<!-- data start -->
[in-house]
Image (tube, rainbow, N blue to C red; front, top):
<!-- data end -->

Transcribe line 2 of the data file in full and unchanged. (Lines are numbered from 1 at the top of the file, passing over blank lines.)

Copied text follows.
Image (tube, rainbow, N blue to C red; front, top):